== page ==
OVERVIEW: The Weeden Foundation supports programs and projects that fund biodiversity programs, land-acquisition, sustainable population growth, and human consumption.
IP TAKE: With a narrow focus on biodiversity and habitat conservation, the Weeden Foundation is careful to match its giving philosophy with its personal philosophy—namely, that the greatest challenge to a sustainable future lies in human consumption habits and rapidly growing global population. Its biodiversity work prioritizes the Pacific Northwest, which includes Northern California, Oregon, and Washington, and up to British Columbia and Southeast Alaska.
PROFILE: Established in 1963, the Weeden Foundation seeks to address the "adverse impact of growing human populations and overuse of natural resources on the biological fabric of the planet." As a result, Weeden largely focuses on protecting biodiversity. Despite its small size, the Weeden Foundation has funded hundreds of small environmental organizations and helped preserve over 6,000,000 acres of critical habitat worldwide. The foundation's programmatic priorities include international and national biodiversity, land-acquisition, sustainable population growth, and human consumption.
While efforts to protect biodiversity directly represents approximately two thirds of Weeden’s total grantmaking, the other third aids programs that will help curb human consumption and stabilize the global population. The Weeden Foundation supports international and domestic population stabilization projects because it believes that a growing global population poses a significant challenge to protecting biodiversity.
The foundation’s consumption program currently focuses on sustainable paper consumption and production. Grantmaking in this area aims to expand the market for environmental papers through consumer-targeted education and efforts directed at the publishing industries and corporate and government procurement practices. Weeden also offers grants to organizations that holistically teach sustainability and conservation to K-12.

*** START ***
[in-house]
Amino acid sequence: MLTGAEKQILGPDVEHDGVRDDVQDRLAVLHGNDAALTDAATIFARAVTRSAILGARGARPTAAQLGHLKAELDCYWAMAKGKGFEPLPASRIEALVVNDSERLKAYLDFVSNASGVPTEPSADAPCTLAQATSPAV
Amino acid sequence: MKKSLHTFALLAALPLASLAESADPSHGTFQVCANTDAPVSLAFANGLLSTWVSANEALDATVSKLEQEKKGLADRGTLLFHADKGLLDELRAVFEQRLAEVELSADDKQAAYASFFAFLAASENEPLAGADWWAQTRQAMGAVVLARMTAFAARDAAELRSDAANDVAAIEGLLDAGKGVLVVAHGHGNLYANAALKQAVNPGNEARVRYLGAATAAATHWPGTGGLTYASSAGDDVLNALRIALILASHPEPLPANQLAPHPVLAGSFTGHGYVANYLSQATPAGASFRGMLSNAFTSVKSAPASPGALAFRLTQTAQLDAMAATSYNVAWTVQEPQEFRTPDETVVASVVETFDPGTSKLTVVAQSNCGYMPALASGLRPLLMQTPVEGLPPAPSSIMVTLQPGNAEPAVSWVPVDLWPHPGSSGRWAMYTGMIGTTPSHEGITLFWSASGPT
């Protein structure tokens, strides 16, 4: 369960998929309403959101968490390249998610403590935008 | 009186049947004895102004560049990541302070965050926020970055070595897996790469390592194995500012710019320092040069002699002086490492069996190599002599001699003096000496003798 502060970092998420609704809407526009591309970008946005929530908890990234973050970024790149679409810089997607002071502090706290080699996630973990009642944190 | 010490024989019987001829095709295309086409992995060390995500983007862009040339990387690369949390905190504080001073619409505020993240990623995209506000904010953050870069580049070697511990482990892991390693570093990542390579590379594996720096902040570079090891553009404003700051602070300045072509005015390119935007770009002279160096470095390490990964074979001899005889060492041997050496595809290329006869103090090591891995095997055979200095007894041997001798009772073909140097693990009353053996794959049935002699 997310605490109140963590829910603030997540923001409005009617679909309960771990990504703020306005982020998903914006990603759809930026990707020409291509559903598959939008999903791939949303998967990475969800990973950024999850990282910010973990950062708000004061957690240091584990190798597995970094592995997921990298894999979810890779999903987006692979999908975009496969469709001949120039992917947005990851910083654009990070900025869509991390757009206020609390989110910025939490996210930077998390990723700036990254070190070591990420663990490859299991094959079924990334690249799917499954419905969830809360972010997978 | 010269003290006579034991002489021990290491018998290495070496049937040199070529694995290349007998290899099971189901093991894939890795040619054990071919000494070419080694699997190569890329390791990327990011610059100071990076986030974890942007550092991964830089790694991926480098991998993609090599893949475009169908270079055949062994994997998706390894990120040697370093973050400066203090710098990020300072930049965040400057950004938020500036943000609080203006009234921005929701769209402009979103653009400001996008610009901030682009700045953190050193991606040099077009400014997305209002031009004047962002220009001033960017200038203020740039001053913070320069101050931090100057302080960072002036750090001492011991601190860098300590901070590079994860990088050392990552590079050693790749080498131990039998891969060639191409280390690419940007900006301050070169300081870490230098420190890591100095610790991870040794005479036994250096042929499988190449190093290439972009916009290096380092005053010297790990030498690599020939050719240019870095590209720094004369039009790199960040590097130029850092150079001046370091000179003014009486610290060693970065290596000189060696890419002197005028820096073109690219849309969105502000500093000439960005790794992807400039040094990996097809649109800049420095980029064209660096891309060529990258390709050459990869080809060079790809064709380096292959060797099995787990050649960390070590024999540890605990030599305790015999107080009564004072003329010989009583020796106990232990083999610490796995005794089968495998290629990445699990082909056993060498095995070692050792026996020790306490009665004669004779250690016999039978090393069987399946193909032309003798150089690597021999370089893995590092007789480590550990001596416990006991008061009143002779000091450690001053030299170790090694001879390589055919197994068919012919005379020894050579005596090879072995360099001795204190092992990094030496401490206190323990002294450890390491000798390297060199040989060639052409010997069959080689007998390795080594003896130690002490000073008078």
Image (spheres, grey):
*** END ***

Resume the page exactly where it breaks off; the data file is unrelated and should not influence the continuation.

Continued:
Weeden tends to prioritize smaller organizations. The average grant is about $20,000. Although the foundation does not provide multi-year support requests, Weeden prioritizes funding experts, research and communications initiatives that both educate the public and establish a greater sense of urgency among influencers and policymakers about biodiversity loss and conservation. Weeden imposes strict geographic restrictions on its grantmaking. Currently, the foundation supports grantmaking in the Klamath-Siskiyou Bioregion in Northern California; in the High Divide in SW Montana; the Altai Republic in Russia, and in Chilean Patagonia. However, the foundation has supported programs in other countries in past years, so applicants should review Weeden's website often. With anywhere between 30 and 40 biodiversity grants made a year, Weeden rarely considers funding beyond its particular geographic areas of interests. Weeden focuses the majority of its conservation work beyond the U.S. Indeed, nearly 40% of Weeden’s total annual grantmaking supports conserving environmentally sensitive habitats.
With its origins in investment and banking, the foundation takes a business savvy and decidedly hands-on approach to its funding and programming strategies in order. It does so in order to broadly appeal to citizens who care about the environment, particularly those in the business world. In addition, through its Mission Related Investing program, Weeden invests in new and innovative models for conservation action, including real estate for conservation purposes and equity investments in environmentally conscious natural resource businesses.
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